Predictive value of progression-related gene classifier in primary non-muscle invasive bladder cancer.

Kim WJ, Kim EJ, Kim SK, Kim YJ, Ha YS, Jeong P, Kim MJ, Yun SJ, Lee KM, Moon SK, Lee SC, Cha EJ, Bae SC - Mol. Cancer (2010)

Kaplan-Meier estimations in primary bladder cancer with gene signatures based on microarray analysis of the original training cohort. Kaplan-Meier curves of (A) recurrence (B) and progression in NMIBC. Kaplan-Meier curves of (C) progression, (D) cancer-specific survival and (E) overall survival in MIBC.
© Copyright Policy - open-access
Related In: Results  -  Collection

License
Show All Figures
getmorefigures.php?uid=PMC2821358&req=5

Figure 3: Kaplan-Meier estimations in primary bladder cancer with gene signatures based on microarray analysis of the original training cohort. Kaplan-Meier curves of (A) recurrence (B) and progression in NMIBC. Kaplan-Meier curves of (C) progression, (D) cancer-specific survival and (E) overall survival in MIBC.
Mentions: Patients with NMIBC in the poor-prognosis signature group had a significantly shorter recurrence time than those in the good-prognosis signature group (P = 0.009; Fig. 3A). When we examined progression in NMIBC, the time to progression was shorter for patients with poor-prognosis signature than good-prognosis signature. Furthermore, none of the patients with good-prognosis signature were associated with progression (P < 0.001; Fig. 3B). Tumor progression, cancer-specific survival and overall survival in MIBC were significantly different between the two groups having good-, and poor-prognosis signatures, respectively (each P < 0.001; Fig. 3C-E).

Bottom Line: Furthermore, no patient with NMIBC in the good-prognosis signature group experienced cancer progression.We identified progression-related gene classifier that has strong predictive value for determining disease outcome in NMIBC.This gene classifier could assist in selecting NMIBC patients who might benefit from more aggressive therapeutic intervention or surveillance.

View Article: PubMed Central - HTML - PubMed

Affiliation: Department of Urology, College of Medicine, Chungbuk National University, Chungbuk, South Korea. wjkim@chungbuk.ac.kr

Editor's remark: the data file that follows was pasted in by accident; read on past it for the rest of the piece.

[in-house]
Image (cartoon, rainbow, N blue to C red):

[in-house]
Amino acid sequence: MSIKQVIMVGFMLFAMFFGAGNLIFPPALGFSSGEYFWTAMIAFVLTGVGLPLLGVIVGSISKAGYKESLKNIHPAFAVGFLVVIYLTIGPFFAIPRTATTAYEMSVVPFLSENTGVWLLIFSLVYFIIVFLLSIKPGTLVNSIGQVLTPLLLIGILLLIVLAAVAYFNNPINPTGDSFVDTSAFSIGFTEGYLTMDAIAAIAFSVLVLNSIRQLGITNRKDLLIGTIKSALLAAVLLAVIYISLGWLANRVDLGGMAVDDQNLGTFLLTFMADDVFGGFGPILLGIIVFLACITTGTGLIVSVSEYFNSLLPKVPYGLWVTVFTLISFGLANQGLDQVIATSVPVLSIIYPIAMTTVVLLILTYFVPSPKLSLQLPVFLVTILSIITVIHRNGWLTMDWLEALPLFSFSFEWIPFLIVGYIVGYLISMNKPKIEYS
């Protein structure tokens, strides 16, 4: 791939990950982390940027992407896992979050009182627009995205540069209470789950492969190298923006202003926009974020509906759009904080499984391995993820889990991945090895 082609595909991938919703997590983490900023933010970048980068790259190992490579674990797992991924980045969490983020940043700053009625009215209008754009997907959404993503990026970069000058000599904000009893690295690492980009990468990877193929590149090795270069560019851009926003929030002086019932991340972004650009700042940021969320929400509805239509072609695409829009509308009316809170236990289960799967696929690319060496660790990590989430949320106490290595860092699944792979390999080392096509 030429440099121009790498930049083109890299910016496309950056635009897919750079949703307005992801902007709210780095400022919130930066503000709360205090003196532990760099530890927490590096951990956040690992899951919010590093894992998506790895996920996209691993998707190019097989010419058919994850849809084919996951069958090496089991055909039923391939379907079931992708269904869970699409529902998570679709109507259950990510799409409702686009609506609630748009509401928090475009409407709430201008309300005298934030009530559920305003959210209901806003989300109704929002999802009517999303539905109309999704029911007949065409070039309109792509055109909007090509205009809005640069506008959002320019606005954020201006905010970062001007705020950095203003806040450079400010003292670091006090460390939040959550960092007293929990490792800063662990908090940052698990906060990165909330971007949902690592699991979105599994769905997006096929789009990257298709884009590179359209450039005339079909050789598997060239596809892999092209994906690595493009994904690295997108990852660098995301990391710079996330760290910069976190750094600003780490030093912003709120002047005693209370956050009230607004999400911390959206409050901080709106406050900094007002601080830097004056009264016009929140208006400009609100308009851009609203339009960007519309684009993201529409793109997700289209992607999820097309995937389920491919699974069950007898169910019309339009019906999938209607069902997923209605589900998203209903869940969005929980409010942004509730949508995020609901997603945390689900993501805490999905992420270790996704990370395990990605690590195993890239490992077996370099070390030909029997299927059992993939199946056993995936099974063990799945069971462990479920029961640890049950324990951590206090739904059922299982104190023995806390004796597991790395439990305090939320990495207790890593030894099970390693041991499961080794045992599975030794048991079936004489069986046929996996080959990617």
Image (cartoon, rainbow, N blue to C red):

ABSTRACT

Background: While several molecular markers of bladder cancer prognosis have been identified, the limited value of current prognostic markers has created the need for new molecular indicators of bladder cancer outcomes. The aim of this study was to identify genetic signatures associated with disease prognosis in bladder cancer.

Results: We used 272 primary bladder cancer specimens for microarray analysis and real-time reverse transcriptase polymerase chain reaction (RT-PCR) analysis. Microarray gene expression analysis of randomly selected 165 primary bladder cancer specimens as an original cohort was carried out. Risk scores were applied to stratify prognosis-related gene classifiers. Prognosis-related gene classifiers were individually analyzed with tumor invasiveness (non-muscle invasive bladder cancer [NMIBC] and muscle invasive bladder cancer [MIBC]) and prognosis. We validated selected gene classifiers using RT-PCR in the original (165) and independent (107) cohorts. Ninety-seven genes related to disease progression among NMIBC patients were identified by microarray data analysis. Eight genes, a progression-related gene classifier in NMIBC, were selected for RT-PCR. The progression-related gene classifier in patients with NMIBC was closely correlated with progression in both original and independent cohorts. Furthermore, no patient with NMIBC in the good-prognosis signature group experienced cancer progression.

Conclusions: We identified progression-related gene classifier that has strong predictive value for determining disease outcome in NMIBC. This gene classifier could assist in selecting NMIBC patients who might benefit from more aggressive therapeutic intervention or surveillance.

Show MeSH
Related in: MedlinePlus